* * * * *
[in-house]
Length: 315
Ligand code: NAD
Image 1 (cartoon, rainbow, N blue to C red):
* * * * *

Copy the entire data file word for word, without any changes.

[in-house]
Length: 315
Ligand code: NAD
Image 1 (cartoon, rainbow, N blue to C red):